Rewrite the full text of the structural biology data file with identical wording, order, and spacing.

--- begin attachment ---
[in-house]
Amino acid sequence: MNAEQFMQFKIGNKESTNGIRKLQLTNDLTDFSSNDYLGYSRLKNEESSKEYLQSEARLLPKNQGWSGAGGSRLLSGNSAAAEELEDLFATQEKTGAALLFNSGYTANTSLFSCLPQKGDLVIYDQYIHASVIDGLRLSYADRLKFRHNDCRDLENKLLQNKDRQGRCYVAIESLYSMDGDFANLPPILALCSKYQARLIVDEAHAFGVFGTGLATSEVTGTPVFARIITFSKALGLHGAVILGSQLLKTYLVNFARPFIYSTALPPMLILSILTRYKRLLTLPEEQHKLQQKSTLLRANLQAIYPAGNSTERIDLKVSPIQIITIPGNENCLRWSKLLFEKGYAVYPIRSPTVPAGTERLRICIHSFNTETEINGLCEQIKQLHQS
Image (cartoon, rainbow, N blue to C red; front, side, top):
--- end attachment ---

[in-house]
Amino acid sequence: MNAEQFMQFKIGNKESTNGIRKLQLTNDLTDFSSNDYLGYSRLKNEESSKEYLQSEARLLPKNQGWSGAGGSRLLSGNSAAAEELEDLFATQEKTGAALLFNSGYTANTSLFSCLPQKGDLVIYDQYIHASVIDGLRLSYADRLKFRHNDCRDLENKLLQNKDRQGRCYVAIESLYSMDGDFANLPPILALCSKYQARLIVDEAHAFGVFGTGLATSEVTGTPVFARIITFSKALGLHGAVILGSQLLKTYLVNFARPFIYSTALPPMLILSILTRYKRLLTLPEEQHKLQQKSTLLRANLQAIYPAGNSTERIDLKVSPIQIITIPGNENCLRWSKLLFEKGYAVYPIRSPTVPAGTERLRICIHSFNTETEINGLCEQIKQLHQS
Image (cartoon, rainbow, N blue to C red; front, side, top):